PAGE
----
BWW Review: Fascinating MATILDA Brings Her Magic to Cumberland County Playhouse Through August 18
Matilda Wormwood is a fascinating character: Creative and talented, she's inquisitive and positively brilliant, telekinetic and gifted - and despite her rather questionable upbringing (her father's a boorish oaf who refuses to acknowledge she's not a "he;" her mother is a loud-mouthed, overly made-up harridan who'd prefer a paso doble with her ballroom dance partner Rudolpho; and her brother is best described as a dullard who's been mollified his whole life by whatever happens to be on the telly) and the harsh realities of her life - she manages to remain upbeat and optimistic, the way we want our spunky and plucky literary heroines to be.
Thanks to Roald Dahl, who created the young and winsome Miss Wormwood - and to Tim Minchin and Dennis Kelly who have brought her tale to vivid life via musical theater - and who wrote her story with all its hilarity, hijinks and heart to make her one of literature's favorite characters, the magic of Matilda will live on forever.
Now, through August 18, audiences at Crossville's Cumberland County Playhouse have the opportunity to fall in love with Matilda and her ragtag and inspiring band of schoolmates as they take on an adventure that is certain to delight and to engage. Directed by Jess Griffin and featuring a cast of fresh and energetic performers who bring Matilda The Musical to glorious life onstage, CCP has another resounding hit to its credit, which might be quite unlike anything that's come before it and heralds even more technical and design innovation that sets the company apart from all others in the region.
Ten-year-old Sarah Hedrick (who dazzled us at the performance we reviewed) shares the eponymous title role with Kyra Crosby and she steps onto the stage to claim her place among the legendary entertainers who over the years have become synonymous with musical theater at Cumberland County Playhouse. Hedrick (and Crosby, we are assured) more than holds her own against the company's inimitable Jason Ross, who creates an indelible impression as Miss Agatha Trunchbull, the dastardly and overpowering headmistress (and former British hammer-throwing champion) of Crunchem School.
A hit on London's West End, on Broadway (where it ran for more than 1,500 performances, garnering 11 Tony Award nominations and winning five awards), on tour and throughout the world, Matilda The Musical is a bona fide hit for Cumberland County Playhouse, thanks to Griffin's superb direction, Leila Jones' athletic and complex choreography, Ron Murphy's expert music direction (his ten-member band play the score with passion and verve), and a design aesthetic that is visually stunning, if not eye-popping. The thorough commitment of the company to undertake such a challenging production results in entertainment that's appropriate for audiences of all ages.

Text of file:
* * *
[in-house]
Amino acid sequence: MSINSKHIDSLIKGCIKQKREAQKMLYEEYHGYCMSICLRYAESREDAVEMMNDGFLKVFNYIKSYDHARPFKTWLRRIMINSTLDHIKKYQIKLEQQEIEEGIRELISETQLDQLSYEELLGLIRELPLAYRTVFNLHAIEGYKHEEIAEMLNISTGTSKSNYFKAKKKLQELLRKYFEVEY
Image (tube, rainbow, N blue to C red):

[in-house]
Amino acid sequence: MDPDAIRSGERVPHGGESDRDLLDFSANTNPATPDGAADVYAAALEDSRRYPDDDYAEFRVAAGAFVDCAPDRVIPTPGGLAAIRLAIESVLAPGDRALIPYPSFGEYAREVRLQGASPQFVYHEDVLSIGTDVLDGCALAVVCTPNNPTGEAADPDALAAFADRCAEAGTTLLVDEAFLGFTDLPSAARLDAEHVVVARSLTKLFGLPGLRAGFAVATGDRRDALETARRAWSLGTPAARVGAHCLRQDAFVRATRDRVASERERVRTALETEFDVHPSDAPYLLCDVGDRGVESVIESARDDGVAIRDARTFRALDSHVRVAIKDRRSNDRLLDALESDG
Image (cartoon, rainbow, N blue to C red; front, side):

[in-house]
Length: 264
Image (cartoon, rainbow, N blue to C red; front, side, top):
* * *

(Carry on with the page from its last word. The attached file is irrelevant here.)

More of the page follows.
Tom Tutino's set design is gorgeous: surrounded by shelf after shelf of books, it's no wonder Matilda finds respite from reality in reading in the world of his design. Christopher Van Tuyl lights the expansive stage with color and precision and Andy Wallach's costumes, as has come to be expected, help to define the characters with great wit and exquisite style.
Matilda The Musical is filled with outrageous moments of comedy involving wildly uproarious characters in all manner of onstage action that will have you doubled over in laughter from the very start ("Miracle" is raucous good fun to kick off the show), but perhaps surprisingly at its very core is a hopeful tale that is sure to warm your heart and to inspire flights of fancy and adventure of your own long after the final curtain falls. Along the way, Minchin and Kelly have worked their own particular brand of magic over Dahl's source material to create a fast-moving and engaging piece of theater that is unique and unexpected.
Special attention should be paid to a pair of Act Two numbers - "When I Grow Up" and "Revolting Children" - and Act One's "Miracle" and "Bruce," for splendid examples of what makes musical theater so transformative and transportive. Leila Jones' choreography, along with Griffin's staging and Murphy's musical direction, ensure truly memorable moments to be savored for a long time to come.